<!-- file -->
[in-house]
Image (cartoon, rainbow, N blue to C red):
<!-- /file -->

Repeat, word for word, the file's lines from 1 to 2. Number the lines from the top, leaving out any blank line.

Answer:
[in-house]
Image (cartoon, rainbow, N blue to C red):